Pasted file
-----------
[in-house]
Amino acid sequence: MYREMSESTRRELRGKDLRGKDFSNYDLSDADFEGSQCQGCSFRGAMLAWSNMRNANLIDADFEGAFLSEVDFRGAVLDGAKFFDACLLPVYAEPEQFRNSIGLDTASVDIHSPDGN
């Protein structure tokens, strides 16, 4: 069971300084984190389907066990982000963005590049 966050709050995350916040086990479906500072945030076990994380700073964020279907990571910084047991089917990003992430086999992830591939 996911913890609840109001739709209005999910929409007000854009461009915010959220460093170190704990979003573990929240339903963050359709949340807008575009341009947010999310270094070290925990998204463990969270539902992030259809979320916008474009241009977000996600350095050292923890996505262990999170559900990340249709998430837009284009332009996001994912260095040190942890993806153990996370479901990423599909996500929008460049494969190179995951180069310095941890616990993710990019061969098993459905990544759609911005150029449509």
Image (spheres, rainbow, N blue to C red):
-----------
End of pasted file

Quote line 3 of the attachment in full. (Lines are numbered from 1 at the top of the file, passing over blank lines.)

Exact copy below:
């Protein structure tokens, strides 16, 4: 069971300084984190389907066990982000963005590049 966050709050995350916040086990479906500072945030076990994380700073964020279907990571910084047991089917990003992430086999992830591939 996911913890609840109001739709209005999910929409007000854009461009915010959220460093170190704990979003573990929240339903963050359709949340807008575009341009947010999310270094070290925990998204463990969270539902992030259809979320916008474009241009977000996600350095050292923890996505262990999170559900990340249709998430837009284009332009996001994912260095040190942890993806153990996370479901990423599909996500929008460049494969190179995951180069310095941890616990993710990019061969098993459905990544759609911005150029449509």